Charges that academia is biased against Israel are serious enough when they come from supporters of the Middle Eastern country. When they emanate from implacable foes of the Jewish state, you get the idea that the bias has reached epidemic proportions.
Norman Finkelstein, formerly of DePaul, has a long history of, to put it mildly, animus towards Israel. His supporters allege that this history got him fired at DePaul seven years ago.
Yet, recently, when John K. Wilson interviewed him in his academe blog and asked him, “Do you think that defenders or critics of Israel are more likely to be silenced on college campuses?” Finkelstein said, “I do not believe speaking in support of the Palestinians entails many risks nowadays. In fact, it’s much more hazardous to be ‘pro-Israel’ than ‘pro-Palestinian’ on most U.S. campuses.”
Ironically, this was essentially what one of Finkelstein’s bitter critics, Harvard’s Alan Dershowitz, stated in another interview with Wilson: “I believe that professors who take an overtly anti-Israel view have a better chance of getting appointed today than professors who strongly support Israel. Today, the hard left is far more active, and much more successful, in denying appointment to conservative scholars, than are right wingers in denying appointments to qualified leftists. In the past, the opposite was true. Neither situation is acceptable. The important point is to keep the marketplace of ideas open to all points of view and not to have political opinions influence appointment decisions—either way.”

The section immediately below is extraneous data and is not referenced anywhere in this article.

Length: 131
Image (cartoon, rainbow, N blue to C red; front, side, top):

Dershowitz’s expressed sentiments are admirable and in regrettably short supply in academe. As it happens, another professor was dismissed from DePaul at about the time that Finkelstein was asked to leave.
Thomas Klocek, an adjunct professor at DePaul University in Chicago, was fired for making pro-Israel statements to students from two campus groups—Students for Justice in Palestine (SJP) and United Muslims Moving Ahead (UMMA)—at a student activities fair. As near as we can determine, there were two competing sets of claims of what happened at the fair, those of Klocek and those of the students.
The school’s administrators chose to believe the latter set of allegations. Yet, Klocek’s name never turns up in a search of either Wilson’s academe blog or of the website of the American Association of University Professors (AAUP), of which Wilson is a member.
The AAUP protested Finkelstein’s dismissal but not, from any record we have been able to unearth, Klocek’s.
(Mal Kline will be debating John K. Wilson on Thursday, June 14, 2012 at the AAUP convention and at AIA’s author’s night.)
Malcolm A. Kline is the Executive Director of Accuracy in Academia.
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Mal Kline will be debating John K. Wilson on Thursday, June 14, 2012 at the AAUP convention and at AIA’s author’s night.